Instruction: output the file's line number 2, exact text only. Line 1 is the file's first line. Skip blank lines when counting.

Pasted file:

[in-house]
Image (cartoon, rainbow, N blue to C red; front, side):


Image (cartoon, rainbow, N blue to C red; front, side):